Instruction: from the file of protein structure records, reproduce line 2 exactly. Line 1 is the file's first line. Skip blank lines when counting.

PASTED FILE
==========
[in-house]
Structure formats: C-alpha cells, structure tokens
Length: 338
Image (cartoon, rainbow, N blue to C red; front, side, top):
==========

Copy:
Structure formats: C-alpha cells, structure tokens